Federal Communications Commission (FCC) Chairman Ajit Pai and Senator Roger Wicker helped Fulton Telephone Company (FTC) break ground on its new fiber optic broadband services, last week.

During a special ceremony at the communication company’s offices in downtown Fulton, last Wednesday, Pai and Wicker touted the importance of expanding broadband access. They called it critical to economic opportunity, job creation and education.

Both cited the event as a sign of closing the “digital divide” in places like Fulton.

“We are excited to be here and see the shovel hit the ground in Fulton concerning broadband services,” Wicker said. The senator currently serves as Chairman of the Subcommittee on Communications, Technology, Innovation and the Internet. The committee has jurisdiction over legislation, congressional action and other matters relating to communications including broadband.

During his remarks, Pai told the small crowd gathered for the event that he grew up in a small town in Kansas very similar to Fulton.

“What I consistently hear from folks is they want to have the same opportunities that people in the bigger cities have,” Pai said. “And broadband is at the top of that list.”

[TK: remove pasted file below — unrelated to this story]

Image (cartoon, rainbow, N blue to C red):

FTC Vice President of Operations Christa Alexander is a fourth generation rural telecommunications business representative. She said last week’s event represents more than just a groundbreaking.

“FTC has been invested in this community for decades,” she said. “We couldn’t be more honored to have Chairman Pai and Senator Wicker here to acknowledge what we’re doing.”

FTC announced their plans to replace their copper cable platform with new fiber optic cables in January, utilizing funds provided through U.S. Department of Agriculture (USDA) Rural Utilities Service loans.

In early August, laborers contracted by FTC were boring and pulling fiber optic cables in the Dorsey and Fawn Grove areas.

FTC’s goal is to get the foundation of their fiber optic system in place. It will essentially tie into Tupelo to the west and east to Hamilton, Alabama.

Representatives with the company previously told The Times they have an ongoing waiting list for customers who want fiber optic service. The company hopes to gradually expand its broadband upgrade across its coverage area.

FTC services roughly 6,000 customers throughout Itawamba County

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